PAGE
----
Dr. Nien-Tsu Alfred Hu：「Taiwan Coast Guard Administration: Its Reorientation under the To-be-established Ocean Specialized Agency」
The Coast Guard Administration (CGA) of the Republic of China (ROC, or commonly known as Taiwan by the international community) is subject to an imminent reorientation due to Taiwan Central Government’s overall reorganization. The CGA has been a ministerial agency under the Executive Yuan (or in the Cabinet) since its establishment on 28 January 2000. However, its organic act was revised by the Legislative Yuan (or the Parliament) on 16 June 2015 , along with the enactment of another three new organic acts, including those for the Council of Ocean Affairs (海洋委員會 in Chinese while its official English name has not been formalized and may also be named as the Ocean Affairs Council) , the Marine Conservation Administration (海洋保育署 in Chinese) , and the National Oceans Research Institute (國家海洋研究院 in Chinese) . While all four organic acts were promulgated by four separate Presidential Decrees on the same date of 1 July 2015, only the organic acts for the Council of Ocean Affairs and the Coast Guard Administration were ordered by the Executive Yuan to be effective on 4 July 2016, however, this Executive Yuan Order was revoked by a later Order so that the exact date for the establishment of a new ministerial level ocean specialized agency and the reorganization of the CGA becomes uncertain. Nevertheless, regardless whether such ocean specialized agency will be a Ministry or a Council, CGA will be downgraded from its original ministerial agency status to a so-called “third-level agency of the Executive Yuan” or a subordinate agency under and reporting to the Council of Ocean Affairs or the Ministry of the Oceans. The statutory changes to the CGA organic act include not only the name of the Administration itself, but also its top echelon of executives, structure and its “perceived” functions. The reasons why the occurrence of such statutory changes deserves examination from both academic and practical perspectives are in two-fold: one, such changes occur due to a top-down decision for an overall government agencies reorganization undertaking which is not in line with the self-interests of the CGA itself and second, along with the to-be-established ocean specialized ministerial agency, the changes of the functions of the CGA will be inevitable.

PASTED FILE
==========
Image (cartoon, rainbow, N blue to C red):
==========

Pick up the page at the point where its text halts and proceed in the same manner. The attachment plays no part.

This article presents the statutory changes to the organic act of the CGA, analyzes the implications resulted from such statutory changes and provides a new lookout and reorientation for the functioning of the CGA.